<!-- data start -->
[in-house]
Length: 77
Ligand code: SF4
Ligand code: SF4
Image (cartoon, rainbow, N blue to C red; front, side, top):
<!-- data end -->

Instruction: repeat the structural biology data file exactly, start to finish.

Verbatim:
[in-house]
Length: 77
Ligand code: SF4
Ligand code: SF4
Image (cartoon, rainbow, N blue to C red; front, side, top):